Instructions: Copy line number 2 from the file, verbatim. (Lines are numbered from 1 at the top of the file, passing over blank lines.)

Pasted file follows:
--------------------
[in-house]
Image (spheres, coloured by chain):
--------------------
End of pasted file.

Image (spheres, coloured by chain):